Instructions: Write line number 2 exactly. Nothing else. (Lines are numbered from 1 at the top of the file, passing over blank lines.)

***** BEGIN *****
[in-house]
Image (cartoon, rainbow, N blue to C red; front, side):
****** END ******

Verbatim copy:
Image (cartoon, rainbow, N blue to C red; front, side):